DENVER -- The Colorado Department Of Transportation announced Monday it's launching a pilot program that will alert Interstate 70 mountain corridor drivers of crashes or backups.
It’s the first time the cellular network-based technology, developed by mapping company HERE, will be used in the U.S.
“You'll be driving along and all of a sudden there will be a backup and your phone is going to inform you that you need to stop in the next quarter mile, you need to exit this highway because there's this incident. You need to be aware of this pothole,” CDOT Executive Director Shailen Bhatt said.
Bhatt said CDOT is still working out the details, and while the alert might come in the form of a text message, it's also looking at using voice commands so drivers aren’t distracted.
“That is part of the details that we need to work out,” Bhatt said. “It is likely that it would be by text or it's also a possibility that it would be a voice activation whereby your phone will actually talk to you similar to the way a GPS would.”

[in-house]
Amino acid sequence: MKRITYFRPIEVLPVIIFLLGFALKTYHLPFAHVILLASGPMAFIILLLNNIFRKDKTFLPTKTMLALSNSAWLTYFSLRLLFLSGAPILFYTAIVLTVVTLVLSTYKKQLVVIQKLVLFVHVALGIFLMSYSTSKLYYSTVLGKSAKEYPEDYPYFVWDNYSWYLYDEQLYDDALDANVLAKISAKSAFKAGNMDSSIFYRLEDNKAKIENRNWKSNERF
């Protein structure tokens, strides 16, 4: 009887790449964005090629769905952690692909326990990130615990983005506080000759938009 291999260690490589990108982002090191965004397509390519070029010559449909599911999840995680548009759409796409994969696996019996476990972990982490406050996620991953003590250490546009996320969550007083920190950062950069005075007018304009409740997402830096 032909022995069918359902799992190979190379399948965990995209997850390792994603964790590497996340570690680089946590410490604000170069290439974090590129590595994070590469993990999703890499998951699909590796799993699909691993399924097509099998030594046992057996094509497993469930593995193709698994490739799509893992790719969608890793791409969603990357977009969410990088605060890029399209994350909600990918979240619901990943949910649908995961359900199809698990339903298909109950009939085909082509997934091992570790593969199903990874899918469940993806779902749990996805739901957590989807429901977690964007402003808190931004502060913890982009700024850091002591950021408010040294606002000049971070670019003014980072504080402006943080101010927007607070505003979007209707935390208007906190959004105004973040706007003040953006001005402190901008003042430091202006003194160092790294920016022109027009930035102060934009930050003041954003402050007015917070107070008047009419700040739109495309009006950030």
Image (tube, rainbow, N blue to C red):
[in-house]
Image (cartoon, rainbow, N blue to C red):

CDOT unveiled the pilot program in front of the Transportation Research Board in Washington on Monday afternoon, noting the I-70 mountain corridor is one of the most heavily traveled corridors in the country.
“A lot of crashes are caused by the end of a queue,” Bhatt said. “So there's a primary accident, the backup starts and people are flying along at 65 miles per hour not expecting there to be a line of traffic and then all of a sudden you get the secondary crashes -- people crashing into the backs of other cars.
"So if it's foggy, you can't even see ahead. So this is not just about providing alternatives but also providing real-time information.”
CDOT will begin the pilot program with 1,000 volunteer drivers to test it.
Bhatt said the initial cost of the pilot program is in the ballpark of $200,000. He said that would come out of CDOT’s "RoadX” fund, which was set up to test new technology like this.AlertMe